Onyx Protocol - REKT

Another total fork-up.

Onyx Protocol, a Compound Finance fork, lost $2.1M on Tuesday to a high-profile, well-known vulnerability.

The exact same attack vector has hit two other forks, Hundred Finance and Midas Capital (themselves both repeat leaderboard entrants), already this year, tipping the total lost to this bug over the $10M mark.

Peckshield, as ever, warned Onyx to “take a look”. However, no official response came for almost three hours, when a team member acknowledged the loss.

In the meanwhile, and while TG mods were urging users “Please don’t fud” the protocol was hit by a repeat attack, though for substantially less profit ($~62k).

Many protocols have fallen victim to repeated exploits of identical vulnerabilities over the course of the year, with read-only reentrancy also claiming multiple victims including Conic, Sturdy, EraLend and Midas.

Are the devs paying attention?

Credit: Peckshield, BlockSec

The exploit was made possible due to a known vulnerability of Compound v2 code. Under certain conditions, a rounding error allows an attacker to manipulate empty markets in order to drain liquidity from across the protocol.

In Onyx’ case, governance had recently voted through Proposal 22 to add a lending market for memecoin PEPE to the protocol.

The ‘empty market attack’ involves taking a flash loan which is swapped, in this case, for PEPE. Then, by minting a small number of shares (oPEPE) and donating a large amount of PEPE to the pool, vastly inflating the price of oPEPE for use as collateral on Onyx.

Other assets can then be borrowed against the overvalued oPEPE, draining the protocol’s liquidity. The rounding error is then exploited to withdraw the donated funds, and the flash loan is repaid.

Exploiter address: 0x085bdff2c522e8637d4154039db8746bb8642bff

Attack tx: 0xf7c21600…

Repeat exploiter address: 0x5083956303a145f70ba9f3d80c5e6cb5ac842706

Repeat-attack tx: 0x27a3788d…

The 1164 ETH ($2.1M) of profits were sent on to an intermediary address before 1140 ETH were deposited into Tornado Cash.

The remaining 24 ETH were sent to on-chain panhandlers, prompting a follow-up stream of input data messages to the hacker’s address, begging for further scraps.

Onyx Protocol was audited by Certik, however the viability of this vulnerability is ultimately determined by the conditions within the individual market, rather than the codebase in itself.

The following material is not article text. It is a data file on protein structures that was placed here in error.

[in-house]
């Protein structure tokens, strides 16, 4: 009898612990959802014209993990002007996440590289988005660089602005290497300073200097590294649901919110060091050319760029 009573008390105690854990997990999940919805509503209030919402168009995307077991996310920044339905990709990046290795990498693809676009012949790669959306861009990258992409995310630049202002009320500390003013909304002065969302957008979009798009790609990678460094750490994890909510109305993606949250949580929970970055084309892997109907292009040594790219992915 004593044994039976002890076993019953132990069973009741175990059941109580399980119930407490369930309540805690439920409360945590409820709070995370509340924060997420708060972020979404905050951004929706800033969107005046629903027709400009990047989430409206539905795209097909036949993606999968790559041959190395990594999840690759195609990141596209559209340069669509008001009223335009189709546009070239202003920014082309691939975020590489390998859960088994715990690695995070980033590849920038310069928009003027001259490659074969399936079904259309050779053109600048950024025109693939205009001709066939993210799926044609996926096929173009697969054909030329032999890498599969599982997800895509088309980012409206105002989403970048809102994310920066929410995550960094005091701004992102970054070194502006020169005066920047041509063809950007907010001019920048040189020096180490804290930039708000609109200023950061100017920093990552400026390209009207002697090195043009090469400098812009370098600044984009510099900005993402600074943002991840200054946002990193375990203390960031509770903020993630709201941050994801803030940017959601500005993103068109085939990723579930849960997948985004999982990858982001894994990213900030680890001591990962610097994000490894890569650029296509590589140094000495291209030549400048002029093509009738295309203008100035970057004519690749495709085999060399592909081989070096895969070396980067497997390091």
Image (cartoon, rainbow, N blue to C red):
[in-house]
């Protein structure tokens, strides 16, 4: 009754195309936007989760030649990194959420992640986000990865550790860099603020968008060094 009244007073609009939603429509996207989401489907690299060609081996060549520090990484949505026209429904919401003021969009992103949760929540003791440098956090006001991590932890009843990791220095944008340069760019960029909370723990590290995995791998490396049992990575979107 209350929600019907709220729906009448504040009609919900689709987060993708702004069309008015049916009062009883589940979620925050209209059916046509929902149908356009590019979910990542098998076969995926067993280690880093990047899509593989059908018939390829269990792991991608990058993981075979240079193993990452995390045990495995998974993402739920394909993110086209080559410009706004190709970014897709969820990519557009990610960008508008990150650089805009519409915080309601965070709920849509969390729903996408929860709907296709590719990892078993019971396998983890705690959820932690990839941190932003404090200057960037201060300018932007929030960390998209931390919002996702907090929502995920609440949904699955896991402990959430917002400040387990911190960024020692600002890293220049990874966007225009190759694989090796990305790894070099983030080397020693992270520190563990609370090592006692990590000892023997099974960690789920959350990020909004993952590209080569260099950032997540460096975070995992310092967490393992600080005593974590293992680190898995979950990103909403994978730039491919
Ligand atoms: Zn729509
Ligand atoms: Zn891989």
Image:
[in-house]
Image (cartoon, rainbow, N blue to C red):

Empty markets in Comp v2 code are a known issue; the launch of new markets should be treated especially carefully by project teams.

The discussion following the (second) Hundred Finance hack references Hexagate’s recommendations for launching potentially vulnerable markets (“markets with low total supply and a non-zero collateral factor (CF)”):

we recommend any Compound V2 fork, when launching new markets to mint some cTokens and burn them to make sure the total supply never goes to zero. When the total supply goes to zero, the protocol becomes vulnerable and this strategy mitigates this situation.

That means that when listing a new collateral token, first set its collateral factor to zero, set in the Comptroller, mint some cTokens, burn them and then change the collateral factor to the desired factor.

Compound itself has many eyes scouring all governance proposals, though the occasional blunder does seem to slip through

But with just 11 wallets voting on Proposal 22 (and over 97% of votes coming from a single address), perhaps Onyx doesn’t have the same level of community vigilance over its lending markets.

For teams working with forks, devs must be sure to stay on top of the security landscape, to avoid getting rekt by replicated vulnerabilities.

Blackhats are certainly keeping up-to-date.

Onyx’ proposed compensation plan intends to refund victims by selling native tokens from the treasury, while DAO contributors' salaries will be paused until further notice.

While superficially sounding like a fair and selfless way to make users whole, the plan has the potential to trigger a death sprial on XCN, whilst the team’s incentives grow increasingly misaligned…

What could go wrong?

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